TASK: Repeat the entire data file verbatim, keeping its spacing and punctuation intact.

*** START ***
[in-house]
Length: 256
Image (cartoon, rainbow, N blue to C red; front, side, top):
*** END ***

[in-house]
Length: 256
Image (cartoon, rainbow, N blue to C red; front, side, top):